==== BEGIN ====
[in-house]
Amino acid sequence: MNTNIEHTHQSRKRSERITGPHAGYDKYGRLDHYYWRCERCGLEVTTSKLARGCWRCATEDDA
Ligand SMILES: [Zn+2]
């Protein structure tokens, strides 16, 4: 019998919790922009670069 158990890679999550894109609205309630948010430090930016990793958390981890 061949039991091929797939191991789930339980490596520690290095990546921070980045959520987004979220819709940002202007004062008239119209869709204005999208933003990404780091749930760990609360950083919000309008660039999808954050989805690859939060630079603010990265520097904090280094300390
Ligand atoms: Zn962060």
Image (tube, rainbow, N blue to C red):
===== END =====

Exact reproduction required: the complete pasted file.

[in-house]
Amino acid sequence: MNTNIEHTHQSRKRSERITGPHAGYDKYGRLDHYYWRCERCGLEVTTSKLARGCWRCATEDDA
Ligand SMILES: [Zn+2]
């Protein structure tokens, strides 16, 4: 019998919790922009670069 158990890679999550894109609205309630948010430090930016990793958390981890 061949039991091929797939191991789930339980490596520690290095990546921070980045959520987004979220819709940002202007004062008239119209869709204005999208933003990404780091749930760990609360950083919000309008660039999808954050989805690859939060630079603010990265520097904090280094300390
Ligand atoms: Zn962060």
Image (tube, rainbow, N blue to C red):